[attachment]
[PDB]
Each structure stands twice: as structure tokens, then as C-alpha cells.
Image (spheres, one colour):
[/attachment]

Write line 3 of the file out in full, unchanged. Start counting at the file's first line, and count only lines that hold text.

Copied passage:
Image (spheres, one colour):